Voters wait in line to cast their ballots at Lion's Field in San Antonio during the 2018 midterms.
In a major victory for voting rights groups, a federal judge has ordered that no Texas county should purge suspected non-citizen voters from the rolls or issue letters demanding that they prove their citizenship “without prior approval of the Court with a conclusive showing that the person is ineligible to vote.”
The Wednesday order from U.S. District Judge Fred Biery comes a month after the Texas secretary of state flagged nearly 100,000 voters for citizenship review — and a flurry of civil rights groups filed three separate lawsuits to block state and county officials from purging voters based on what has proven a deeply flawed set of data.
Biery ordered that as the litigation continues, counties can “continue to find out if in fact someone is registered who is not a citizen” — some local officials have proposed comparing lists of flagged voters with names of individuals made citizens at recent naturalization ceremonies, for example — but may not communicate directly with any particular individual on the list. Reaching out to a voter to demand proof of citizenship starts the clock on a process that can lead to that voter being purged from the rolls.
The some 98,000 voters on the state’s original list were registered voters who had, at some point in recent years, identified themselves as non-citizens to the Department of Public Safety while receiving or renewing their driver’s licenses. But tens of thousands of those individuals, it has come out in recent weeks, were naturalized before registering to vote, making casting a ballot perfectly legal. Drivers need to update their licenses every six years, and naturalized citizens are not required to update DPS when their legal status changes.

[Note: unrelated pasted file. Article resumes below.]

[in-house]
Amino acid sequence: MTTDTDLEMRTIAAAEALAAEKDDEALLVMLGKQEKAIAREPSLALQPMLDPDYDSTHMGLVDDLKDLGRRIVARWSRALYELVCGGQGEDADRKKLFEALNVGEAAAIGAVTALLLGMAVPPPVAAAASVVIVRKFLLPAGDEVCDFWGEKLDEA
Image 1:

The number of voters who turn out to be naturalized citizens on the rolls lawfully is expected to grow as efforts to review the list proceed. But many counties, after receiving the Jan. 25 advisory from state election officials, immediately began sending notices to flagged voters. The state has since backed off from its initial advisory, arguing it was up to the counties to decide whether to send notices of examination. Local officials counter that if the state didn’t want them to begin the process of purging voters, officials shouldn’t have so publicly blasted out the list — complete with a form letter demanding proof of citizenship to mail to flagged voters and public statements issuing a “VOTER FRAUD ALERT.”
“Almost immediately upon sending the list, the government had an ‘oops’ moment, realizing that 25,000 names should not have been included,” Biery wrote in reference to the naturalized citizens erroneously flagged for review. “It appears this is a solution looking for a problem.”
The entire initial list — including those 25,000 voters the state now acknowledges were wrongfully flagged — was referred to the Texas Attorney General’s Office for criminal investigation and potential prosecution on Jan. 25, before counties had the opportunity to do any fact-finding. The attorney general’s office has given contradictory indications of whether it has initiated any such investigations.